Doing business in COVID Crisis: How Robust is your business continuity plan?

The COVID-19 Pandemic has ravaged the world affecting operations of all companies in one way or the other. As is evident, most companies, especially in the tourism, transport and service industries, have completely shut down. This serves as a reminder that Companies should have robust strategies and Business Continuity Plans (BCP) to cushion them through such shocks in line with the best Corporate Governance practices.  In Kenya, listed Companies are required to have these plans in place but for private companies, there is no requirement and thus the role is left for the Board of Directors to spearhead.

In the past three years, through governance audits conducted by Scribe Services on several issuers of securities in Kenya, we have realized that Boards have taken deliberate steps to manage succession planning, sustainability, human resource development, risk management and BCPs. All these are in line with the desire to keep the companies running even in the face of disasters which many at times are unforeseeable. However, the effectiveness of these strategies has been tested by the COVID-19 pandemic and it has been realized that most of these plans were not nearly as robust.

Human resource is the most important arm of an organization. The COVID-19 pandemic has affected employees most since contact with other people including their colleagues is restricted thereby requiring them to work from home. The lack of preparedness notably in the lack of training, unavailability of infrastructure to monitor performance, lack of strategies to protect employees from the pandemic and lack of compensation strategies raises a lot of concern in human resource management in this period.

Cyber exposure is a major risk to corporates as employees work from home. Use of unsecured internet connections, access to the main office server from remote locations and leaving computers unattended at all times may lead to exposure by intruders. Due to the dynamic environment and the ever-evolving technology, this may be very difficult to control but also could lead to major losses. Exposure of customer and internal company information to third parties could lead to litigation, loss of business, unfair competition, among other losses.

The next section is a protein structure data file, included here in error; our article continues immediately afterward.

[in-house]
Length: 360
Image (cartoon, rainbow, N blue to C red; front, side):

Financial management implications are very dire to companies who do not have the requisite capital to manage them through the crisis. Since many companies will not be dependent on your services during crisis period and clients may not pay up in time, cash flow deficiencies may arise at such time. Lending institutions may also be reluctant to offer an advancement of additional capital during the period. We recommend that companies should have additional capital that can drive the company for at least a 1-year period.

As we keep our hope and continue to fight the COVID-19 pandemic, there are great lessons to learn from the current crisis. Some of these lessons are working from remote locations, data protection, financial planning and sustainability, human resource planning and client engagement.

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